How to Calculate Annual Income
Getting paid is great. Checking your bank account and seeing a higher balance after your pay has been deposited is an awesome feeling and for some people, even a relief. Trying to figure out your annual income, especially when trying to set up a budget, can be tricky if you are paid bi-weekly. How do you calculate annual income? Here are the steps to help you calculate your annual income.
How to Calculate Annual Income
While on the surface it might seem like a quick and easy task to calculate your annual income, there are some things you have to do before you can even perform the calculation. Luckily, none of these things are very difficult. It is just that everyone’s situation is different and therefore, there is no a one size fits all approach here.
Factors to Consider When Calculating Annual Income
Gross or Net?
The first thing you have to determine is what your goal is. Do you want to know your gross annual income (your pay before taxes) or do you want to know your net annual income (your pay after taxes)? Once you figure this out, you can take the next steps.
The next step you have is to determine how frequently you are paid. Some people are paid weekly, others bi-weekly. Some are paid twice a month and still others only once a month. Before you can calculate annual income, you have to know your pay frequency so you can get an accurate number.
Do The Math
Once you figure out the two steps above, you can then calculate your annual income. The good news is that it only involves simple math. Let’s look at a few examples.
Gross pay, weekly paycheck
If you are looking to calculate your gross income, and are paid weekly, your first step is to look at your pay stub. On there you will see a breakout of your gross pay and all of the deductions taken from your pay. You will also notice two columns, a “current” and a “year to date” (sometimes listed as “YTD”). Note that sometimes the year to date numbers are the ones near the bottom of the pay stub.
Take the number under the current column heading and simply multiply that number by 52 since there are 52 weeks in the year. Your answer is your gross annual pay.
Net pay, weekly paycheck
Figuring out your net pay is exactly that same as above. The only difference is that instead of taking the gross number under the current column heading, you are taking the net number and multiplying that by 52.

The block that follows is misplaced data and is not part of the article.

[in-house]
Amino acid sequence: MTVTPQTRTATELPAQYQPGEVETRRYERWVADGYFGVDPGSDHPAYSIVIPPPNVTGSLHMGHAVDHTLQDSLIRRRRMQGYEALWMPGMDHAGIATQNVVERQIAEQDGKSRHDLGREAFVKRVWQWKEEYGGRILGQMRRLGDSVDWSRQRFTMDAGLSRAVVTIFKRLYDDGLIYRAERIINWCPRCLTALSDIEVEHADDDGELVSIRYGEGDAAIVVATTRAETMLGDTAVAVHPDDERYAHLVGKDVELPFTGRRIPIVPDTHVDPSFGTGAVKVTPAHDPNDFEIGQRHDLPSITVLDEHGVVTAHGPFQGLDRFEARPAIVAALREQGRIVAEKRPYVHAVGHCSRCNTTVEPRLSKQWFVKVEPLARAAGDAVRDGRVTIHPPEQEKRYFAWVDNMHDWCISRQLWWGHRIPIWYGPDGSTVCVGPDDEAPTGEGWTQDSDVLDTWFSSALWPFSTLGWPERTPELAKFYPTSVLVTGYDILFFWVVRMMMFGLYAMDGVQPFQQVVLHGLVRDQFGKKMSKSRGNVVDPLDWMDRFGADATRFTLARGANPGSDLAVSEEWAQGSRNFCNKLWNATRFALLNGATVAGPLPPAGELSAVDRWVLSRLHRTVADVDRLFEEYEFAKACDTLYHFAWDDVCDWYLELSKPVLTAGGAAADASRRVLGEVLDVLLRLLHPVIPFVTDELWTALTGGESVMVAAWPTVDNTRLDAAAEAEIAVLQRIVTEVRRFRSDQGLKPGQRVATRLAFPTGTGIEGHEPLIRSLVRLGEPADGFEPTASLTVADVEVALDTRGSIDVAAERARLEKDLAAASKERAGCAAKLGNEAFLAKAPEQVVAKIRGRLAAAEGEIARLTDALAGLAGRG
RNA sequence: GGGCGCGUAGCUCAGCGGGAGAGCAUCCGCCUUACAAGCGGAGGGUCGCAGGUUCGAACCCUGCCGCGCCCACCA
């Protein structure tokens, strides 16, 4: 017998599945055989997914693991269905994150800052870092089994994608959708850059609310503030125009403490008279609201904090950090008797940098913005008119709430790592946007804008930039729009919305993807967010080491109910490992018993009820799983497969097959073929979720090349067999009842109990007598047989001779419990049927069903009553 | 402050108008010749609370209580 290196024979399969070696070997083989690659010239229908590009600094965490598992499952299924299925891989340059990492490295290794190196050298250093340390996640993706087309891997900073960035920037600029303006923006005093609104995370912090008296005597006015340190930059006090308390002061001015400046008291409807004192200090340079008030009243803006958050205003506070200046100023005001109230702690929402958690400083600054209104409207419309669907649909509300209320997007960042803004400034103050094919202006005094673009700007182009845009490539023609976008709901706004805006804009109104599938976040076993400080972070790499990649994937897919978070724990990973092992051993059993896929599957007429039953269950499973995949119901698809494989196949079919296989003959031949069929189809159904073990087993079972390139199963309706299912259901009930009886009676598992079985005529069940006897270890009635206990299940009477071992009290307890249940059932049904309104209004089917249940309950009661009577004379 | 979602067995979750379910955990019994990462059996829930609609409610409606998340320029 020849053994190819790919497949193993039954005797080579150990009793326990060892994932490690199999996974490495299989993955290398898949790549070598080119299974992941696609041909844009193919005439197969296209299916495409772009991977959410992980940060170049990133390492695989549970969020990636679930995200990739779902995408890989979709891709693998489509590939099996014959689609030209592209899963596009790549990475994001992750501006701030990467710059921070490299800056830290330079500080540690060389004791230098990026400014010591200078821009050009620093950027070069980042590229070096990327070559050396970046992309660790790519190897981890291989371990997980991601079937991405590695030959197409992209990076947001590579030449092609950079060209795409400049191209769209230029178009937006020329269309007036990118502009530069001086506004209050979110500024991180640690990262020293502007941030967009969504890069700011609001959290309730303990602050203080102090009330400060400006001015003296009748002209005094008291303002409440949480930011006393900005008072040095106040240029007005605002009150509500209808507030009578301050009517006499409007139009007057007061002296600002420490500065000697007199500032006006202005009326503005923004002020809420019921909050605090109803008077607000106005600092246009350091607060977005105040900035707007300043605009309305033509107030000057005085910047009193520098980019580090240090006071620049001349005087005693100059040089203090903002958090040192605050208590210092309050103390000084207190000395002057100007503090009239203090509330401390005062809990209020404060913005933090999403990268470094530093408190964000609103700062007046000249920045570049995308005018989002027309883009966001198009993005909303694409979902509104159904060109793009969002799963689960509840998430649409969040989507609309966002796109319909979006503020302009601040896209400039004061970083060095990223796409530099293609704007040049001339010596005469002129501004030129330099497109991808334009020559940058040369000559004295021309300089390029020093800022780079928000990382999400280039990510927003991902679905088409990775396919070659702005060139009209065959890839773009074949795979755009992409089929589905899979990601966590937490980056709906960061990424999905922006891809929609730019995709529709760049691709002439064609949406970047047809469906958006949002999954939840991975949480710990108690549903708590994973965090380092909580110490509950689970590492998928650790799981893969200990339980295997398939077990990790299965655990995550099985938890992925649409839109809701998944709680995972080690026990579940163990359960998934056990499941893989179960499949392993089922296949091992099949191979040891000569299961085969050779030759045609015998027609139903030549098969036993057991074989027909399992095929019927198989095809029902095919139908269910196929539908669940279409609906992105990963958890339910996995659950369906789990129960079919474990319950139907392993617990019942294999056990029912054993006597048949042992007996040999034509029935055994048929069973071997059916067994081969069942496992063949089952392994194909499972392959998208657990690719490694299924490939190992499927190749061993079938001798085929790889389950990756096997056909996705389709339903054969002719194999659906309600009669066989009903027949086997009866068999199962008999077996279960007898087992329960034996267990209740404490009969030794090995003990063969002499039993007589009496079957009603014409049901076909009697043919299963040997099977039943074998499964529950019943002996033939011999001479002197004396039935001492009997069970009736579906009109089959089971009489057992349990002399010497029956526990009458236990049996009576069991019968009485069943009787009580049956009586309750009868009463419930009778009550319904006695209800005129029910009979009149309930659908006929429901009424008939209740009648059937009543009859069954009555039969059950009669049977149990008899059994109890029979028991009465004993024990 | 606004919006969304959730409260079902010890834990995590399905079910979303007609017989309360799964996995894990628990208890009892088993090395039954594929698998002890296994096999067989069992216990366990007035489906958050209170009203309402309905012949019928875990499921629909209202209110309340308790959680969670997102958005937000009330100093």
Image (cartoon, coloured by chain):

Other Pay Frequencies
Finding your pay amount is the same for all of the other pay frequencies you may encounter. The only difference is the number you multiply your gross/net income by:
- Bi-weekly: if you are paid bi-weekly, take the gross or net income number you want to calculate and multiply by 26 since there are 26 weeks in a year.
- Bi-monthly: same as above, only this time you are multiplying your income by 24 since you are paid 24 times a year.
- Monthly: simply take your income number and multiply by 12.
Bi-weekly Budgeting Issue
One note that needs to be made is for those who are paid bi-weekly and are using this information to set up a budget. There are 2 months out of the year where you will get 3 paychecks. It is just the way the calendar works. This little wrinkle does complicate budgeting a bit, so you need to be aware of it. When I was paid this way, I would look at the calendar for the year and map out my paychecks. This showed me which 2 months I would be getting the 3rd paycheck.
Diving Deeper Into Calculating Annual Income
If you want to take this one step further, you can do the same math on your deductions, like 401k contributions and taxes, to see how much you will pay for the year. You can also use this tool from the IRS to determine the correct amount of withholding from your paycheck so that come tax time, you don’t owe a ton of money or get a huge refund either.
Overall, the process to calculate annual income is rather easy. The key though is to figure out which income number you want to see on an annual basis and then know what your pay frequency is. Once you do these 2 things, you can quickly calculate your annual income.